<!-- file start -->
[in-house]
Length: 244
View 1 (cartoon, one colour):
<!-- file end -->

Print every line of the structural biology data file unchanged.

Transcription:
[in-house]
Length: 244
View 1 (cartoon, one colour):